Forum for Science, Industry and Business

Sponsored by:     3M 
Search our Site:

 

Researchers reveal potential treatment for sickle cell disease

02.11.2011
Laboratory study at University of Michigan Health System shows increasing TR2/TR4 expression can lead to higher fetal hemoglobin levels in sickle cell patients

A University of Michigan Health System laboratory study reveals a key trigger for producing normal red blood cells that could lead to a new treatment for those with sickle cell disease.

The study, conducted in mice, appears in this week's early edition of the Proceedings of the National Academy of Sciences, and holds promise for preventing the painful episodes and organ damage that are common complications of sickle cell disease.

According to the U-M study, increasing the expression of the proteins, TR2 and TR4, more than doubled the level of fetal hemoglobin produced in sickle cell mice and reduced organ damage.

It's the first time specific proteins have been targeted to prevent a disease, authors say.

"The vast majority of sickle cell disease patients are diagnosed early in childhood when adult hemoglobin normally replaces fetal hemoglobin, but the severity of the disease can differ markedly, correlating most strongly with the level of fetal hemoglobin present in red cells," says pediatrician and lead study author Andrew D. Campbell, M.D., director of the Pediatric Comprehensive Sickle Cell Program at the U-M Cancer Center.

Sickle cell is an inherited blood disorder impacting hundreds of thousands of patients worldwide that causes normal red blood cells to change shape to a crescent moon.

The result is life-long debilitating pain episodes, chronic organ damage and significantly shortened life span. But a small number of sickle cell patients are born with a high enough fetal hemoglobin level to moderate these complications.

The study team, that included pediatric hematologists, cell and developmental biologists and pathology experts at U-M and the University of Tsukuba, Japan, demonstrated a potential method for boosting the fetal hemoglobin levels by modulating TR2/TR4 expression.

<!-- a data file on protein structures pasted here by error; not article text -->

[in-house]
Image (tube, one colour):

"While the average fetal hemoglobin was 7.6 percent in the sickle cell mice, the TR2/TR4 treated sickle cell mice had an average fetal hemoglobin of 18.6 percent," says senior study author James Douglas Engel, Ph.D. , professor and chair of the U-M's Cell and Development Biology Department.

He adds that anemia and red blood cell turnover all improved within the TR2/TR4 mice. Additional studies, including clinical trials, would be requiredto determine if the technique could help humans.

"Currently hydroxyurea is the only FDA approved drug known to increase the levels of fetal hemoglobin within sickle cell disease patients and a substantial number of patients do respond to it," says Campbell, the pediatric hematology oncology specialist. "But the long term consequences for hydroxyurea are unknown, especially in children."

Authors: Andrew D. Campbell, Shuaiying Cui, Lihong Shi, Rebekah Urbonya, Andrea Mathias, Kori Bradley, Kwaku O. Bonsua, Rhonda R. Douglas, Brittne Halford, Lindsay Schmidt, David Harro, Donald Giacherio, Keiji Tanimoto, Osamu Tanabe, and James Douglas Engel.

Reference: "Forced TR2/TR4 Expression in Sickle Cell Disease Mice Confers Enhanced Fetal Hemoglobin Synthesis and Alleviated Disease Phenotypes," Proceedings of the National Academy of Sciences, Oct. 31, 2011.

Funding: Authors work was supported by the American Heart Association, Cooley's Anemia Foundation, Robert Wood Johnson Foundation and the National Institutes of Health's National Heart Lung and Blood Institute.

Resources
Department of Cell and Developmental Biology
http://www.med.umich.edu/cdb/
U-M Sickle Cell Program
http://www.med.umich.edu/sicklecell/
University of Michigan Comprehensive Cancer Center
http://www.cancer.med.umich.edu/